Cotyledon pendens - Succulent Care

Cotyledon pendens - Succulent Care

How to care for Cotyledon pendens

Naturally, Cotyledon pendens hangs from the cliffs lining the Bashe River of the Eastern Cape, South Africa. Most Cotyledon are low shrub-like succulents, but C. pendens grows long, pendulous branches hanging down to 60 cm. Leaves range in colour depending on the age and care of the plant. Newer leaves are silver or white with a hint of green because pruinose (epicuticular wax or farina) covers the leaves’ surfaces. This substance can easily rub off, revealing a raw green colour underneath. A contrasting red strip lines the chubby leaf’s tip. Between one and four 2 cm long, vibrant orange to red, bell-shaped flowers hang straight down from short stems.

Check out Cotyledon pendens, available in our shop.

Care Tips

LIGHT: Due to the protective layer of pruinose, C. pendens is happy in full sun to semi shade, but the harshest sun can cause sunburn. The less sun it gets, the more green the leaves become.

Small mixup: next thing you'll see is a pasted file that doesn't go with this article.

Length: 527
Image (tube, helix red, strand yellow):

WATER: Water sparingly from autumn to spring, and use even less water during summer dormancy.

SOIL: C. pendens grows well in a sandy-gritty, well-draining soil mix.

PLANTING: This succulent is best suited for hanging baskets, retaining walls, or wall gardens where its branches can hang freely. It also grows nicely in pot up to 12 cm or larger bowls as arrangements.

FERTILISER: Fertilise when the plant begins looking lackluster, or slows in growth, using a little general-purpose fertiliser.

BLOOMING: Groups of reddish flowers bloom at the end of leaved branches during winter.

DORMANCY: Cotyledon is dormant during the hotter summer months. In dry soil, it is hardy down to -5° C, so protect plants during winter.

PROPAGATION: C. pendens propagates via cuttings or leaves. Cuttings can be rooted wherever you’d like them to grow, and leaves can be propagated in sand and later transplanted.

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